During these unprecedented times, many non-profits that service individuals with Intellectual and Developmental Disabilities are using unique and alternative ways to provide educational, wellness, fitness, and arts-related programming to the clients they serve.
JESPY House, a nonprofit organization in South Orange that provides whole-life services to adults ages 18-73 with Intellectual & Developmental Disabilities, has embraced alternative methods of program delivery. Using technology to its fullest, JESPY is currently making sessions available to its 260 clients via web sites and messaging apps like Facebook, Snapchat, WebEx and Skype. The ‘Live’ sessions provide important connections with and for clients during a period when JESPY feels it is more important than ever to provide meaningful programming.
Some of the popular interactive sessions clients are participating in on a daily basis through JESPY’s Social Wellness & Expressive Arts (SWEA) program include Book Club, Drawing, Meditation, Cooking Demos, Indoor Gardening, and more.
“The number of clients participating keeps getting bigger,” says SWEA Supervisor Nicole Rambone. “Some clients have never been on Facebook or the other platforms. They may have never participated in a Live chat or group before. What’s great is that they are learning new skills and communicating in new ways.”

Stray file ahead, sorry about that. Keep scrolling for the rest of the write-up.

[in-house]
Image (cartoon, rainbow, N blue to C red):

Keeping fitness in the forefront, clients are also taking part in hour-long online exercise sessions. Workouts include cardio, strength training, yoga & stretch, as well as athletics and fitness video discussions via Facebook.
JESPY’s Day Program clients are participating in connective learning too. Packets that included worksheets and readings were sent home with clients that have little access to social media. JESPY staff provides Facetime and Snap Chat calls to review work with clients. Live group chats dedicated to trivia, demo cooking, relationships, and work experiences are ongoing. Other inter-web groups, conducted via Skype, include daily mediation and yoga.
“We are going to expand to other apps to try to reach the most clients possible,” says Day Program Supervisor Mike Depoy. “Those clients unable to use technology are being helped by their families. Parents and caregivers are commenting that they love the content being offered.
Clinical and Behavioral services are being provided online as well, five days a week, with a special emphasis on Managing Different Emotions and Coping.
So how are clients responding to the online sessions? “They are eager to branch out into this online JESPY community,” explains Rambone. “They are more social because many are overcoming the barrier of face to face socialization. They are opening up and speaking more freely.”